Super-Cheap Housing Booms in Mumbai

Despite tumbles in the housing market, low-cost housing is undergoing a boom in Mumbai, India, where the need for affordable housing is high.

Numerous firms are moving in the direction of super-affordable housing, with prices under $10,000.

"After launching the world's cheapest car this year - the bubble-shaped Nano - Tata's housing division announced plans in May to build so-called Nano Homes to cater to this underserved segment. It plans to build 1,300 small apartments outside Mumbai, with prices starting at about 380,000 rupees (about $8,600). The company also plans to launch low-cost housing projects outside other major Indian cities.

Matheran Realty, another real estate giant, plans to build 15,000 flats in the next three years in Matheran, outside Mumbai, available for about 220,000 rupees. India's Godrej group, meanwhile, plans to build a low-cost township outside the western city of Ahmedabad, with apartments ranging from 500,000 rupees to two million rupees."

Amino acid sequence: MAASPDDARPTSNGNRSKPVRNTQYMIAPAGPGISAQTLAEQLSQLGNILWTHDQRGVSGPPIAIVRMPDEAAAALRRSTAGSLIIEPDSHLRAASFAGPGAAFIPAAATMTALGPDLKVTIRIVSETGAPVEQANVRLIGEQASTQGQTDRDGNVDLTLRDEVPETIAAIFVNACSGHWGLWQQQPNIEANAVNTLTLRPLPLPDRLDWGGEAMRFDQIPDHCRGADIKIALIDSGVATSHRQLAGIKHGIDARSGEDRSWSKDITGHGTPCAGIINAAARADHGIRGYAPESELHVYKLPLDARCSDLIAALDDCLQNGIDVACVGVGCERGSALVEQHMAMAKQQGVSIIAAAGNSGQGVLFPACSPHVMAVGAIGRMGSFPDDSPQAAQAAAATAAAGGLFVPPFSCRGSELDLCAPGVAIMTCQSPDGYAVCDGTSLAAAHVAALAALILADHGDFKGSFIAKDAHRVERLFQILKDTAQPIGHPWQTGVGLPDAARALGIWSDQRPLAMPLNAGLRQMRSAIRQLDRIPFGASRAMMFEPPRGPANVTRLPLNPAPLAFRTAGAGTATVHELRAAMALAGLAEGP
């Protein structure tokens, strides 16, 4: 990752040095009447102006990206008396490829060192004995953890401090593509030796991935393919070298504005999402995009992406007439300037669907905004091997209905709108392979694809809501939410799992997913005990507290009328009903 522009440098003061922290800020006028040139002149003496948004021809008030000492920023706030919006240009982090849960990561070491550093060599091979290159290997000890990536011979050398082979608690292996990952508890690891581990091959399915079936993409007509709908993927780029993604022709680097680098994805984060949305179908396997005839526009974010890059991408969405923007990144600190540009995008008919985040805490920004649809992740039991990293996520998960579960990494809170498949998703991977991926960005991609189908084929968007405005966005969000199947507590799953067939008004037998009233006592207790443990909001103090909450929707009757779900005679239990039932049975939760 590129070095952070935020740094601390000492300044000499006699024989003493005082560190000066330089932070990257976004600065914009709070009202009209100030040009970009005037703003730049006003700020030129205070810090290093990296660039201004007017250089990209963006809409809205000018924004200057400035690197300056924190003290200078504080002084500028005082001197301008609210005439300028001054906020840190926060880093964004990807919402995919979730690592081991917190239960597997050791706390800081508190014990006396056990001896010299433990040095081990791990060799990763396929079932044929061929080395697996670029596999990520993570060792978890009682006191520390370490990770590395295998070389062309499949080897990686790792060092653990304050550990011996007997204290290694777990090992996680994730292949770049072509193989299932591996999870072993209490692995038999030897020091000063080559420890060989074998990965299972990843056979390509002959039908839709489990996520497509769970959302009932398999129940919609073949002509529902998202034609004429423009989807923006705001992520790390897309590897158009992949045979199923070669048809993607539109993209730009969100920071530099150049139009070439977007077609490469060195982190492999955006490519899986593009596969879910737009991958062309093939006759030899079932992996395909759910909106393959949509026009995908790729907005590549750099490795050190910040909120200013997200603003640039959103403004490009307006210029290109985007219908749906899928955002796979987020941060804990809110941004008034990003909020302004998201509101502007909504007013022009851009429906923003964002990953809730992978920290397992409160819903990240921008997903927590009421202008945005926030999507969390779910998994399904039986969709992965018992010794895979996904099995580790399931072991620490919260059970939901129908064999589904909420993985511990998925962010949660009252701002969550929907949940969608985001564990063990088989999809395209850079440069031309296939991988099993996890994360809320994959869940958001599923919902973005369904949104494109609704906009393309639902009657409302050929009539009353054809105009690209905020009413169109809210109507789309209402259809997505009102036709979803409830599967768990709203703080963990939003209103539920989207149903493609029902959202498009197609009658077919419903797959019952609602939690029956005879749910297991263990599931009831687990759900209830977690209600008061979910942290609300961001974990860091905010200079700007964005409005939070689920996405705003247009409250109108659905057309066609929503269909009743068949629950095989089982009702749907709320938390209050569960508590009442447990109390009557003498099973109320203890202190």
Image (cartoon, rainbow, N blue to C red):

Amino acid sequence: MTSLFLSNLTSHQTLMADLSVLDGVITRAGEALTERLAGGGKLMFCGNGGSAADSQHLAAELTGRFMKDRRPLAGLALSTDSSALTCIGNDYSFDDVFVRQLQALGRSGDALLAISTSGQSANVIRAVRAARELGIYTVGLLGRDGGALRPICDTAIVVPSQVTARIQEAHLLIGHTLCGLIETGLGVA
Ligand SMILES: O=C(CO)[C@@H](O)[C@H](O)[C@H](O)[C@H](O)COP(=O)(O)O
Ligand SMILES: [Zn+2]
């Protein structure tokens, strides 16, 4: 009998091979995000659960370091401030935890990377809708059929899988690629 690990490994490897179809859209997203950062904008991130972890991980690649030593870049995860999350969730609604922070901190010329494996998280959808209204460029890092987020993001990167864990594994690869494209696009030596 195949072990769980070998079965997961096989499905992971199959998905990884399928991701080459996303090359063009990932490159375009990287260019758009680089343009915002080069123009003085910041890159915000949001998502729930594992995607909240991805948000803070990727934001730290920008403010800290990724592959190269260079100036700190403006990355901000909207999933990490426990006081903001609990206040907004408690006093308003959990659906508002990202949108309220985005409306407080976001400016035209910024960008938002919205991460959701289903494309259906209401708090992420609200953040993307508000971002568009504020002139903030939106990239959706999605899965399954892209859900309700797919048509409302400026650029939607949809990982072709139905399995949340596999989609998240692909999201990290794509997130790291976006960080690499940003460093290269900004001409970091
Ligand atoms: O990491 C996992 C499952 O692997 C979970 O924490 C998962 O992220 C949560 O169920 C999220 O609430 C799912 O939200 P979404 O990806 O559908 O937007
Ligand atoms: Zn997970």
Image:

Full Story: Tata test drives its latest version of cheap: The Nano Home

Comments

Comments

Michael Lewyn's picture
Blogger

This is what we need in the USA

But it probably couldn't happen because of zoning regulations and NIMBYism. Ultimately, housing policy is about a balance of three factors: price, quality, and government subsidies (or the absence of same).

In an ideal world, housing would be low-priced, high-quality, and unsubsidised. But realistically, there is a tradeoff: you can have the high quality mandated by American zoning codes, but as a result you are going to have higher prices, and unless you have higher government subsidies you are going to have more homelessness. India has chosen to allow lower quality - but on the positive side, that means more affordable housing, less government subsidy, and less homelessness.

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